Release Date: October 18, 2011
Random House ~ Del Ray
Love can never die.
Love conquers all, so they say. But can Cupid’s arrow pierce the hearts of the living and the dead—or rather, the undead? Can a proper young Victorian lady find true love in the arms of a dashing zombie?
The year is 2195. The place is New Victoria—a high-tech nation modeled on the manners, mores, and fashions of an antique era. A teenager in high society, Nora Dearly is far more interested in military history and her country’s political unrest than in tea parties and debutante balls. But after her beloved parents die, Nora is left at the mercy of her domineering aunt, a social-climbing spendthrift who has squandered the family fortune and now plans to marry her niece off for money. For Nora, no fate could be more horrible—until she’s nearly kidnapped by an army of walking corpses.
But fate is just getting started with Nora. Catapulted from her world of drawing-room civility, she’s suddenly gunning down ravenous zombies alongside mysterious black-clad commandos and confronting “The Laz,” a fatal virus that raises the dead—and hell along with them. Hardly ideal circumstances. Then Nora meets Bram Griswold, a young soldier who is brave, handsome, noble . . . and dead. But as is the case with the rest of his special undead unit, luck and modern science have enabled Bram to hold on to his mind, his manners, and his body parts. And when his bond of trust with Nora turns to tenderness, there’s no turning back. Eventually, they know, the disease will win, separating the star-crossed lovers forever. But until then, beating or not, their hearts will have what they desire.
You're just going to have to trust me that no matter how the description sounds, this book works SO well. The concept of romance, zombies, and a Victorian setting in the future just seemed like a bit... much. Now, this was my first zombie book but I think I've successfully been bitten by them and I'm not complaining ;)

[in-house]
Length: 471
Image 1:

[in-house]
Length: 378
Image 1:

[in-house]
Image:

Reasons to Read:
- The setting itself:
This whole world is so entirely creative and different that it's a reason all on its own. I've long been enamoured with anything Victorian (well, almost anything) so I really appreciated how Lia Habel was able to bring various Victorian aspects into her world, and provide reasons for doing so. The history of the future, post-apocolyptic New Victoria is so rich and vibrant, that you almost find it hard to believe that it didn't happen. And I, for one, can't wait for more Dearly books so that we can learn more about this incredible place.
- A dashing, young zombie:
Bet you never thought you'd put those words together, did you? But it's TRUE! Bram is one of my favourite YA boys EVER- he's so kindhearted, and for someone whose dead there's something incredibly warm and inviting about him. At risk of being eaten, I'd get to know him too. Plus, he has all his limbs. Point for Bram! But really, it was his kindness and thoughtfulness that drew me in. Bram's worth the read just because he proves that not all YA boys need to come from the same archetype.
- Superb writing:
Lia is a wonderful writing; she's able to accurately capture the ambience of a neo-Victorian society, while still including some badass fighting sequences, and describes some frightening aspects of the story (crucial to a zombie book) quite vivedly. Realistically paced development, and multiple POVs are some other examples of her skills as an author.
There's also a lot of information thrown at you in this book. Like I mentioned above, the history of New Victoria is incredibly detailed, along with the science of time which plays an integral part in the plot. But I do appreciate that Lia provides reasons for circumstances, even though there were times I found myself disappointed with the reasons (such as the main villain- he just seemed petty to me). There were other times when the actions of characters didn't seem to match up with their personalities, such as Vespertine Mink who seems to do a total 180 degree turn into someone new and unexpected.
I did have some problems with how the Victorian society played out as well, as there seemed to be some strange things they took from the era and reapplied to the New Victoria that didn't quite make sense, which included carrying over some of the same feelings of discrimination and status (like the place of women, for example). I found it hard to believe that people would CHOOSE to go back to that knowingly, a sentiment I was glad to see brought up by Bram at one point.
But overall, I thought the characters were very well done and complex. Nora was one of my favourites in particular, and I was pleased to see such a well developed protaganist. I not only sympathized with her, at times I really wanted to BE her. And wear all her fancy dresses and be as brave as she was.
I don't want to ramble on about this book anymore... but believe me that it's worth giving it a chance! I have a feeling you won't be disappointed by it.
e-galley received from publisher via netGalley in exchange for my honest review; no other compensation was received.